The other big challenge is how to represent all the diverse types of data that are coming in ways that are going to be useful to researchers. If I want to be able to easily say “give me the allele frequency of variant X for everyone who has ever had a systolic blood pressure reading about 150”, there’s no good way to do it right now. It’s JSON files and text files and VAR files, etc, etc. It’s going to be a lot of manual groveling (or clever scripting) for anyone trying to mine that kind of data. But this is a problem bigger than OH.

Hope: On your Member page, you mention that you run a charity. What does it do?

James: I’m the President and Chairman of the Board of the Brony Thank You Fund, a 501(c)3 public charity that fundraises from fans of the new My Little Pony animated series. We print a yearly calendar and do other fundraising activities, supporting a variety of causes. We’ve raised close to $200,000 in the past four years, and notably endowed an animation scholarship at the California Institute of the Arts. Currently, we’re supporting the Dana Farber Cancer Institute.

Also, have some pony genomics.

Applejack: Now how in thunderation is one of them twins a Pegasus and the other one a unicorn?

Mr. Cake: Easy. My great-great-great-great grandfather was a unicorn, and Cup Cake’s great aunt’s second cousin twice removed was a Pegasus. That makes sense, right?

— Season 2, “Baby Cakes”

Hope: You’re also a certified open water diver and private pilot. Is that because walking around at sea level gets boring?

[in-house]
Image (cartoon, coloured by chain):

James: I’d really like to be out exploring space, but given the relatively low chances that’s going to happen in my lifetime, flying or diving are about the closest I’m going to get to exploring a strange new world. Flying has always been a passion of mine, and getting to earn my license has let me have some spectacular experiences, including circling Niagara Falls at 2,000’ and flying over downtown Boston below roof-level (pre-9/11). Unfortunately, the combination of putting a kid through college, the post-9/11 security environment for civil aviation, and the difficulty of keeping up my medical certificate had resulted in me having to walk away from piloting, at least in the short run.

I learned to dive because my girlfriend (now wife) had won a trip for two to Australia, and there was no way I was going to go to the other side of the world and not dive the Great Barrier Reef. I’m glad I did, because the reefs around the world are disappearing rapidly due to climate change, so it may have very much been an example of seeing them while they were still there. I went diving with my family down in St. Martin about 10 years ago, but haven’t had a chance to since.

Hope: What’s your favorite sci-fi story about health and/or medicine?

James: The book that turned me on to biology and genetics was The Andromeda Strain by Michael Crichton. I read it when I was 8, and it had a tremendous impact on my life. I’m much less of a fan of Crichton’s later works, as he got increasingly political and tin-foil-hatty, but the book (and the outstanding Robert Wise movie adaptation) still are among my favorites.

Hope: Finally, would you be willing to chat with other OH members on our forum if they have follow-up questions?

James: Absolutely, I’m pathologically extroverted and would love to chat with anyone who has questions or just want to shoot the breeze about geeky stuff.

Join ‘Circles’ and help study a uniquely human trait!

Circles in Human Biology studies a “sensitive” topic: The human areola!

All mammals have nipples, but only humans have areolas. Areolas are the pigmented circular markings that surround our nipples. How did we get these markings? Why are some areolas large and others small? Can we find the genes that build these circles and discover why we have them?

Anyone – of any gender! – can join. The study is especially interested in participants who have had genetic sequencing.


Participation is easy:

  • Sign up on Open Humans